The Journal for the History of Environment and Society (JHES) aims to be a leading online and open-access periodical that covers all aspects of environmental history conceived in its broadest sense. The journal encourages high-quality scholarship which focuses on relations between environmental changes and social-historical context. Interregional and international comparative articles receive special attention. Because of the interdisciplinary nature of the discipline, papers should be accessible for scholars from all disciplines in the field, which will also ensure their accessibility to a wider audience. Geographically, the Journal focuses primarily – but not exclusively – on North-West Europe (including areas that had historical relations with that broad region). Articles with a more general geographic scope can also be published in the Journal.
More info on JHES: https://www.brepols.net/series/JHES
Call for papers / scope
Environmental activism has a complex and multifaceted relation with science. A growing body of literature explores this relation by introducing concepts from Science and Technology Studies into the field of environmental history (see e.g. Jørgensen, Jørgensen & Pritchard 2013).
Perhaps more than any other social movement, the enduring struggle to protect the environment seems to find a strong ally in scientific knowledge and expertise. Issues as disparate as chemical waste, whaling and climate change have probed discussions on different assessments of the probability and magnitude of adverse environmental effects. Environmentalist organizations have often shaped these discussions by either invoking or questioning prevailing expert opinion.
Conversely, some actors within the environmental movement have also developed a more critical attitude towards science and (western) scientific practice. Framed as the pawn of vested economic interests, research institutes and scientists have been challenged by activists aiming to address deeper social, political, economic or cultural issues. The worldwide movements against nuclear power and genetically modified food provide examples of particularly interesting scientific controversies involving activists within the environmental movement.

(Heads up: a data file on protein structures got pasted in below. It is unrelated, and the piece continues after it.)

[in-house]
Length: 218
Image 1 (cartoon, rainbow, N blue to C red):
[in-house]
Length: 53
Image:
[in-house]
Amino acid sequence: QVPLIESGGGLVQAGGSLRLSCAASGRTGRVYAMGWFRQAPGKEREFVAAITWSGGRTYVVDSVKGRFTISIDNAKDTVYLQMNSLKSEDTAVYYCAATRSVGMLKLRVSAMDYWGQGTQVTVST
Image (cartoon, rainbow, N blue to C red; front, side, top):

Similarly, environmentalist values often go hand in hand with the struggle to democratize science and open up the discussion on the value of lay expertise and indigenous knowledges. Activists such as the Brazilian anti-dam protesters have sought to legitimize and contribute to these localized knowledges of nature that sometimes challenge the assumptions built into the generic scientific model.
Throughout history, environmental activism has challenged, produced and advocated scientific knowledge. This special issue of JHES aims to further explore the relation between environmental activism and science and welcomes contributions on topics and questions such as (but not limited to):
- Historical cases exploring the use of scientific knowledge by environmental organizations. How have environmental activists defined and incorporated expertise into their political work?
- How have environmental movements challenged and shaped scientific knowledge in the past? What ideas do these actors hold on the role of science and expertise within activism?
- Studies exploring the role of “activist-scientists” (i.e. experts that have entered the political arena) within and outside of the environmental movement. How can we characterize this type of activism throughout history?
- What can historians learn from the field of Science and Technology studies (STS) for the study of environmentalism?
1 February 2023: deadline for submission of abstract (max. 2 pages)
1 June 2023: deadline for submission of article